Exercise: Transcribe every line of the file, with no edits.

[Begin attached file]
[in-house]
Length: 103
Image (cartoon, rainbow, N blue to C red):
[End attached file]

[in-house]
Length: 103
Image (cartoon, rainbow, N blue to C red):